Good news everybody! Okay, not exactly good, but it is news, and on a rather important subject. Recently, the National Oceanic and Atmospheric Administration (NOAA) announced that the Manua Loa observatory in Hawaii had recorded atmospheric levels of carbon dioxide which exceeded 400 parts per million. This represented a major milestone, one which climatological researchers and scientists have feared for some time.
However, they have since amended that statement, saying that the readings were a fraction of a point lower at 399.89 ppm. Not exactly a reason to celebrate, and not that surprising either, since individual readings at any of NOAA’s observation stations are subject to revision on a regular basis. And regardless of whether or not the 400 ppm milestone has been passed, scientists are still adamant that this reading is cause for concern.
As has been stated repeatedly, when it comes to the buildup of human created greenhouse gases, it is the rate of increase which is most important. That rate, which is measured by the Keeling Curve, shows that atmospheric CO2 levels are rising at unprecedented rates, driven largely by the burning of fossil fuels over the past two centuries.
Originally pioneered by scientist Charles D. Keeling in 1958 , this curve is the longest-running tally of carbon dioxide levels in the atmosphere and is maintained by the Scripps Institution of Oceanography in San Diego. The saw-tooth pattern of the incline reflects small seasonal variations within the long-term upward trend, which peak annually around the month of May.
Combining this studies conducted on glacial melting patterns, pollination patterns, geological and oceanographic surveys, a long-term picture emerges. For the past 800,000 years, CO2 levels have never exceeded 300 ppm, and there is no known geologic period in which rates increased as sharply as they are now. That level was at about 280 ppm at the advent of the Industrial Revolution in the 18th century, the period when the burning of fossil fuels began to soar.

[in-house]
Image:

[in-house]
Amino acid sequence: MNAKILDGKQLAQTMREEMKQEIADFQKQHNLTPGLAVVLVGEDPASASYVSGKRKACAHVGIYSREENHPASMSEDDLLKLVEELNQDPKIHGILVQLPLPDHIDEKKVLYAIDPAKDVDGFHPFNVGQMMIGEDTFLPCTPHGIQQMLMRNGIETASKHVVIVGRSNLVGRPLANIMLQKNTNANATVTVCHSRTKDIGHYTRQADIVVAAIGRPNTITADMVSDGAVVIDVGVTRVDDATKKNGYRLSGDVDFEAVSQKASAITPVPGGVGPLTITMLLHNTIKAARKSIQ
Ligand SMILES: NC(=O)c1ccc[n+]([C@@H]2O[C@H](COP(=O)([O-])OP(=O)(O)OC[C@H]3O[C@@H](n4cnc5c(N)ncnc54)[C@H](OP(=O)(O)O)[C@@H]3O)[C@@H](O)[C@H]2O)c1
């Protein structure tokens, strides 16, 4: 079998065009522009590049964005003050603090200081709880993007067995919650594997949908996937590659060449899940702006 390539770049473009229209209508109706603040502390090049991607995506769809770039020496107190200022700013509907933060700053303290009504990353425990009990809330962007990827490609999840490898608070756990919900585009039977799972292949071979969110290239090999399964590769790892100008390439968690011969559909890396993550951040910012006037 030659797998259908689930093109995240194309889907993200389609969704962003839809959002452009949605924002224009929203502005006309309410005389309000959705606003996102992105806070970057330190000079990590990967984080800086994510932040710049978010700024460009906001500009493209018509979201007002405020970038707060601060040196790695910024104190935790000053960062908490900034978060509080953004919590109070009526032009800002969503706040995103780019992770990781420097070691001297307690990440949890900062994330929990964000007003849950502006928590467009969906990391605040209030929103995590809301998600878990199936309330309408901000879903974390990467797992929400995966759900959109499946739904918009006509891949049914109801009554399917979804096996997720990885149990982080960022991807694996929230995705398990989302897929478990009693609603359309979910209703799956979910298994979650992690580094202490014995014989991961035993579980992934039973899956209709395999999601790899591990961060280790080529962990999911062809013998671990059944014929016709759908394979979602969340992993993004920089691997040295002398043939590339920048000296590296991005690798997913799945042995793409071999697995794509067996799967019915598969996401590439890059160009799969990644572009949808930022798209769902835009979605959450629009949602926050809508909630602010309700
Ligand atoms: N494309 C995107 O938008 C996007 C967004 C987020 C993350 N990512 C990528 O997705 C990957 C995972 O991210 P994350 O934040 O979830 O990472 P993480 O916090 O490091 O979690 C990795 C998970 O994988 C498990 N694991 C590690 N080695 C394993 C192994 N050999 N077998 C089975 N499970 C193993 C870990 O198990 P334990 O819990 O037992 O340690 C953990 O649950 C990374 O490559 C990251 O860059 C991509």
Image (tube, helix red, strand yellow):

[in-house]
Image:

Scripps geochemist Ralph Keeling, who has taken over the Keeling curve measurement from his late father, had this to say about the news:
I wish it weren’t true, but it looks like the world is going to blow through the 400-ppm level without losing a beat. At this pace we’ll hit 450 ppm within a few decades.
Tim Lueker, an oceanographer and carbon cycle researcher who is a longtime member of the Scripps CO2 Group, also weighed in on the significance of these latest readings:
The 400-ppm threshold is a sobering milestone and should serve as a wake-up call for all of us to support clean-energy technology and reduce emissions of greenhouse gases before it’s too late for our children and grandchildren.
What’s especially frightening about a rating of 400 ppm is the fact that planet Earth has not experienced that kind of CO2 concentration for over 3 million years, during the Pliocene Era. At that time, sea levels were between 60 and 80 feet higher than their current levels. If sea levels rise by this much in the coming decades, roughly 1 billion of the Earths inhabitants will be left homeless.
Add to this the widespread droughts, wildfires and flooding taking place in inland communities, where unpredictable weather will cause rivers to overflow erode river banks and turn millions more into refugees. And as crops fail due to increased heat and depleted topsoil, the ability to feed the world’s population will also begin to plummet.
Of course, these are the most dire predictions and are often used to remind us just how important it is to clean up our act before its too late. Researching and developing cleaner methods is one approach, as is finding ways to capture the carbon emissions we are generating on a daily basis. But in the end, the greatest weapon in our arsenal is and always will be public awareness.
Consider yourselves informed. Now go spread the word!
In the meantime, enjoy this animated “Carbon Tracker” graph that shows us the time history of atmospheric carbon dioxide – courtesy of the National Oceanic & Atmospheric Administration.
Source: articles.latimes.com, esrl.noaa.gov, keelingcurve.ucsd.edu